Keep Reading

Once Upon a Time You Got All of Me

In: Marriage, Motherhood
Husband and wife on wedding day, color photo

First there was us, and now it’s them. We have four little hands that need us, and it’s so hard to get lost in parenthood and forget that at once upon a time it was me and you. I promise you, it won’t always be like this. It won’t always be this hard. I remember when we would go for leisurely walks and long Sunday brunches. Now it takes us an hour to leave the house for a 15-minute walk. I want so badly to spend hours lying in bed, talking like we used to, but now I’m so tired...

Keep Reading

I Was Raised by an Easter-Only Mom and I Want More for My Kids

In: Faith, Motherhood
Mother and daughter read Bible

Motherhood is not for the faint-hearted, and women tend to look to their upbringing for guidance. We may not even realize we’re doing it! But being a godly mother is even more difficult when you weren’t raised by one. The questions are endless: How do I model forgiveness? How do I set the right priorities for my household? How do I explain baptism to my 6-year-old? Is it okay to have undiscipled friends around my children? Do we have to pray over every meal? Is the occasional swear word acceptable?  These questions may be less intimidating if you were fortunate enough...

Keep Reading

We’ll Get Through Daddy’s Deployment Together

In: Living, Motherhood
Mother, father, daughter selfie, color photo

“I didn’t think we did that anymore.” I wish I could attribute that to one person, but I’ve heard it from multiple people when I’ve mentioned that my pilot-soldier National Guard husband is deploying overseas. Yes, we still do that. Men and women still suit up every day to carry out various missions, both valuable and confusing, around the country and the world. And for the whole of 2023 that includes my husband. My partner, my co-adventurer. The one who will use our flight and hotel benefits from his day job to visit Hawaii for three days on a pre-deployment...

Keep Reading

Our College Visit Disaster: What You Should Learn from My Mistakes

In: Grown Children, Motherhood, Teen
Mom and teen daughter selfie, color photo

With a song in my heart, I got in the car to drive my daughter to our first college visit.  We drove two hours to a school nestled in the mountains. It was a state school, not too big, not too small.  She knew plenty of alumni from her high school who attended there, and I was convinced it was going to be the perfect fit. We pulled up to the student center, and I jumped out of the car. I glanced around for her and realized she was still sitting in the car.  “Mom, I’m not getting out. I ...

Keep Reading

I Was Never Good Enough for My Mother, So I’m Done Trying

In: Living, Motherhood
Woman walking away

I’m on a path in life that is so different from what I ever imagined growing up. It’s a path I’m not even sure I consciously choose. And it’s a path that exhausts me. I grew up with a narcissistic mother, and I was the scapegoat. No matter how I tried, I could never gain my mother’s love. It was love that was tainted with conditions and taken away at any time—and that was often. And thus, I tried harder. Best grades, best behavior, cleanest room. It never worked. I was too fat. My thighs were huge—make sure they were...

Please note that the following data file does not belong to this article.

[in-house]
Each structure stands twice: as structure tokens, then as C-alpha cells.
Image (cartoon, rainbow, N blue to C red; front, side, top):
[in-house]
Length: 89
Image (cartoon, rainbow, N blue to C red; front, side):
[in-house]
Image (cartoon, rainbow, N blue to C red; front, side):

Keep Reading

Even When it Feels Like I Can’t, I Keep Going

In: Faith, Motherhood
Tired mom holding toddler

When I feel like I can’t do one more thing. When I am overwhelmed and touched out and lost in the logistics of it all. When my physical and mental energy are depleted. When the length of my to-do list needs more hours than I have. When I am so bone tired that I’m sure I just can’t go on. And there is still more to do. And the only choice is to keep going– I keep going. I dig a little deeper and find strength I didn’t know I had. RELATED: Check on Your “Strong” Friend, She’s Faking it...

Keep Reading

I Am an Immigrant Mom

In: Living, Motherhood
Mother and toddler in sunshine

I have many moments of What did I get myself into? during the day, especially when one of my kids is screaming at the top of his lungs and the other is having a make-believe experiment in the kitchen. We’ve heard countless times that raising kids is hard, but raising kids as a first-generation immigrant is harder. Obviously, there is no competition for who has more struggles or whose life is harder because child rearing is hard. Period. But this piece is specifically aimed at shedding some light on the unsung heroes, our so-called, first-gen immigrants raising kids in a...

Keep Reading

What Happens When She Wants Another Baby and He Does Not?

In: Faith, Marriage, Motherhood
Husband and wife, pregnancy photo, color photo

I am on my knees, folded over, with my head resting on the carpet. I am in my closet, which doesn’t see much of the vacuum, and it is the only place I can find to sob out of sight. I feel hollowed out and defeated as if I have run a marathon and was cut short at the finish line. I cry out in prayer, pleading with God to soften the heart of my husband. I desperately want another child, and he desperately does not. I take a deep breath and dry my eyes because my 4-year-old outside the...

Keep Reading